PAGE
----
sprouts are the solution to having highly nutritious, fast and easy to grow fresh raw food through the winter months and year round... most sprouting seeds can last for 2 - 10 years in the right conditions (dry, dark, cool), so having a good stash around at all times insures a continual supply of raw nutrition in almost any situation, as sprouts need very little to grow... a few minutes of attention per day, fresh water, and some LIGHT, and in no time, you have a gorgeous micro garden - a dense-pack of super nutrition, grown right in your own home... and by mixing sprouts with other simple foods you can create many *very* delicious dishes
basics of sprouting:
these are the basics for sprouting leafy sprouts like alfalfa and clover (which is what we eat the most)... you will need: glass mason jars with SPROUT LIDS *OR* some sprouters, seeds, water, and LIGHT... first, soak 2-3 tbsp. of sprout seeds in about a cup of cool fresh water for 8-12 hours... pour out the water and RINSE THOROUGHLY - with running water (in the sprouters) or by filling the glass jar up with water and pouring it out 3-5 times... when the seeds are well drained, place them where they will get good air circulation - if you are using a sprouter, keep the lid on, if you are using mason jars with sprouter lids, place them at an angle with the mouth of the jar facing down (a dish-drain works perfect), and cover the jars with a dishtowel (seeds sprout in the dark underground first)... keep rinsing and draining every 8-12 hours (pick a good time to do it twice a day - like 9 am and 9 pm) for about 3 days...
on the 4th day, after their morning rinse, stick them in a place with good even light - indirect sunlight is plenty, where it gets good air circulation and a balanced light all day... keep rinsing/draining/greening thru days 4 and 5... after your last rinse on day 5 or your first rinse on day 6, either let the sprouts drain and dry for 8-12 hours before putting them in the fridge for storage OR, wash the hulls out for a cleaner, fresher experience
how to de-hull / clean your sprouts:
method 1 - if using a large ball mason jar, simply fill the jar completely with cool water, gently swish it around, then hold the sprouts with your hand and tip it over to allow the excess seeds and hulls to run out with the water - repeat a few times until a fair amount of hulls are removed...
method 2 - if using a salad spinner - fill the large outer bowl with water and place the sprouts in it - carefully separate the clump of sprouts and swish around gently so the hulls float to the surface, and any unsprouted seeds settle at the bottom - gather the sprouts to the side with your hand and pour out the water with the hulls and seeds... repeat a couple times, then place the sprouts in the strainer / spinner and spin as much water out as you can (usually a couple times is fine)... this will leave you with some super clean vibrant sprouts that will stay fresh much longer, and will also taste better... store in a clean jar, plastic bag or air tight container
our favorite combination + more details:
a few vertical sprouters and a few horizontal sprouters - we start the process in the vertical sprouters, because these are excellent for rinsing very small seeds - none of the seeds escape, they get thoroughly watered, and the vertical shape allows you to rinse them very well - tapping the sides with your hand, and holding your finger on the bottom to drain away all the excess water... the sprouts LOVE these for the first 3 days... on the third or fourth day, transfer the sproutlings VERY GENTLY into a horizontal tray sprouter - try not to loose any of those little guys either... rinse with cool water and see that the young sproutlings are evenly distributed in the tray... drain thoroughly by holding the tray at an angle - placing your finger at the bottom corner so the extra water siphons off via your fingers... once they are well drained, keep the trays covered until day 4... on day 4, place the sprouts in a well lit area - anywhere that has nice indirect sunlight MOST of the time - on our table, the sun hits it directly for brief periods and the sprouts love it, but too much sun can quickly cook them so be careful... at night the sprouts enjoy the basic kitchen lighting... keep rinsing every 8-12 hours through day 5, and about 8-12 hours after their morning rinse on day 6, they are ready to eat!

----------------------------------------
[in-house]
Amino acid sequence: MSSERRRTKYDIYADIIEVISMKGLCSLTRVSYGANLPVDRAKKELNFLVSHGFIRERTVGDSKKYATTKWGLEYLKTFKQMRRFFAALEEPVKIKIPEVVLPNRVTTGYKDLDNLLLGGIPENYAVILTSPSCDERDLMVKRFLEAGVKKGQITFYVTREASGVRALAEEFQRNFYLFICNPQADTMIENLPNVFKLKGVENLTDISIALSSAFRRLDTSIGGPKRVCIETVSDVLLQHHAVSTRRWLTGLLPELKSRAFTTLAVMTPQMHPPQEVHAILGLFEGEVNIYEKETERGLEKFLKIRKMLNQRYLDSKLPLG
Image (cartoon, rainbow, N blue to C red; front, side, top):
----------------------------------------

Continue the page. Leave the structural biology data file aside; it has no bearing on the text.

"Mung Beans (Vigna radiata) are small 1/4 inch, round, olive green bean. The inside of a Mung Bean is dark mustard colored. When husked and split, the Green Mung Bean becomes known in India as the Yellow Mung, Moong Dal. Mung Beans are used in a variety of forms; whole, peeled, split or ground. Mung Beans are also known as Sabat Moong, Mung Pea, Green Gram, Golden Gram, Black Gram or Moong Dal. Mung Beans have a sweet flavor, soft texture, and are easy to digest. These beans are sprouted to produce bean sprouts, which contain vitamin C, not found in the dry bean. Mung Beans have a long history in India where they originated and were introduced to China many centuries ago, and are the most common beans to be sprouted in Asia, Europe and America."
how to sprout mung beans (from the sprout people)
sprouted grains are an excellent way to get the most nutrition out of each little byte, while making them easier to digest - the main thing we make with sprouted grains is sprouted grain bread, which is usually sprouted wheat, spelt, or kamut - stay tuned for the recipe
how to sprout grains (from the sprout people)
excellent sources for very high quality sprouting seeds, supplies, instructions, and wisdom ~ great service, good people!
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